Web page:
Optical security technology has advanced to such a position that, when it’s integrated with track-and-trace, it can provide manufacturers with the tools to be fully compliant with the forthcoming legislation (by November 2020, pharmacies can buy only products that are encoded with product identifiers mandated by the Drug Supply Chain Security Act). Beneficial features incorporated can help users generate unique sequential, encrypted or random serial numbers, or identify and mark products overtly or covertly either via special self-adhesive labels or directly onto pharmaceutical products using a variety of print technologies.
The technology’s capacity to incorporate other data forms and product tracking information continues to be paramount as technology pushes forward and the nature of anti-counterfeiting changes with the times. This enables holograms to be used for an expansive range of pharmaceutical authentication and brand protection roles, linking on-pack product identification with supply chain management, market enforcement and forensic support services.
In this way, the identity and distribution of goods can be controlled through a total system solution involving security authentication features, tracking mechanisms and investigative services.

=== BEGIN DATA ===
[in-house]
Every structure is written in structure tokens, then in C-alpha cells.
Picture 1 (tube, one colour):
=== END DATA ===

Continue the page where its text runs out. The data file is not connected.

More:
Of notable value to the brand owner—and a strong financial incentive to make the investment in such systems—is the fact that the information generated at the labeling stage can be linked to the company’s enterprise resource planning (ERP) system; enabling business functions such as manufacturing, supply chain management, finance, projects, human resources and customer relationship management to be captured and better managed.
One example of an interesting development in the area of track-and-trace holography comes from U.S.-based Holoptica. The embossed hologram producer’s secure document verification and authentication product called DocVAULT that uses a new holographic feature called holoCOMPASS. The combination of holography with a holoQR (see image above) and holoCOMPASS is opening up new potential as an anti-counterfeit system for prescription and over-the-counter (OTC) pharmaceuticals, among other products. One application is for smart labels, specifically an Internet of Things label (IoT) that combines anti-counterfeit holographic and other technologies, such as near-field communication (NFC), with mobile authentication within a single product.
Continuing moves towards outsourcing the production of pharmaceutical and healthcare products might be beneficial in terms of reducing manufacturing costs, but it can also impact the control of brand security and visibility. Here, holography can be integrated into the supply chain security process to allow companies to maintain control of their products—from the sourcing of labels or proprietary components to the manufacturing and shipment of finished goods.
The technology can also be integrated with secure web interfaces to help eliminate rogue ordering of products while authorised distributors can pick, pack and ship items in carefully measured quantities to customers, with the product’s movements throughout the supply chain fully tracked and documented. And it is important to encourage brand owners to take the necessary steps to create awareness about holograms—and their multifarious applications and benefits—to fully unleash their potential.